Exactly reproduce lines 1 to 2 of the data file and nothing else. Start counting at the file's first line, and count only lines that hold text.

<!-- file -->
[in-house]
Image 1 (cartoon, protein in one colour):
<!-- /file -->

[in-house]
Image 1 (cartoon, protein in one colour):